According to Nature magazine, the tiny microfliers, designed by engineers at Northwestern University are intended to be carried by the wind and monitor pollution levels or the spread of airborne diseases.
The motorless devices use the same technology as a maple tree’s free-falling propeller seeds, so they don’t need a motor.
Northwestern professor of materials science and engineering John A. Rogers said his team optimised the aerodynamics of the microfliers so that “as these structures fall through the air, the interaction between the air and those wings cause a rotational motion that creates a very stable, slow falling velocity.”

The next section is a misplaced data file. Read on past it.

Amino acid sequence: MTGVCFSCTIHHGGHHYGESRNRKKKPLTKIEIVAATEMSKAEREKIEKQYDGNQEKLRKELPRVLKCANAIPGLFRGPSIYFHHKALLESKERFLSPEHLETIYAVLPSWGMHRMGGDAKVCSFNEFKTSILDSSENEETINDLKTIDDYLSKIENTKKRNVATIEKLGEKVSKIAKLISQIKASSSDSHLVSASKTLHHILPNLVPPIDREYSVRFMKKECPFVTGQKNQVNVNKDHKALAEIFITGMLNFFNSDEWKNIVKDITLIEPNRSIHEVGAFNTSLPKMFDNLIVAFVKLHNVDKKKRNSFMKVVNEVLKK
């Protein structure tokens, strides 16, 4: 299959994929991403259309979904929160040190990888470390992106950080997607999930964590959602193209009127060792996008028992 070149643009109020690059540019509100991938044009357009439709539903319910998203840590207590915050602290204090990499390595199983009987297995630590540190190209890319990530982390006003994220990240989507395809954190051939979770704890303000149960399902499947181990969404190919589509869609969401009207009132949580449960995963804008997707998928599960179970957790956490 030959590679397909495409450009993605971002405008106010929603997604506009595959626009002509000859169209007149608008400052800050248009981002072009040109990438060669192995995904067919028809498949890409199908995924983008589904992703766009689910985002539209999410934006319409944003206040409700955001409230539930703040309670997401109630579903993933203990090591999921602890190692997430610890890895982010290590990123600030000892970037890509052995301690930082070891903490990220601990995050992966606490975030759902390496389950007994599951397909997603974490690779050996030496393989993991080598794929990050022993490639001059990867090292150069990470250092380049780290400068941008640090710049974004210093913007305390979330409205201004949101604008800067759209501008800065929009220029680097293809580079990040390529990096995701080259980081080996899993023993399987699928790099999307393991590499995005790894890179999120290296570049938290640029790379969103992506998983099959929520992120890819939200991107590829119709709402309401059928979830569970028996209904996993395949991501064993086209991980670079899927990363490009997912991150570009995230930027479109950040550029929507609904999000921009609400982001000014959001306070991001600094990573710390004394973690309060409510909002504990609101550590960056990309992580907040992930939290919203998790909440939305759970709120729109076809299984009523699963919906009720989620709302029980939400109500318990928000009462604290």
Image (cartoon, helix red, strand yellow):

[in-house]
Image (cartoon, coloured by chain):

“That allows these structures to interact for extended periods with the ambient wind that enhances the dispersal process,” said, biomedical engineering and neurological surgery.
The wind would scatter the tiny microchips, which could sense their surrounding environments and collect information.
The scientists say they could potentially be used to monitor for contamination, surveil populations or even track diseases. Their creators foresee microfliers becoming part of “large, distributed collections of miniaturised, wireless electronic devices”.